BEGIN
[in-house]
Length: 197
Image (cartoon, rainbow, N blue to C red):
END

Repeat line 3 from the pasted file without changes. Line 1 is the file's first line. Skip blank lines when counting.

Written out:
Image (cartoon, rainbow, N blue to C red):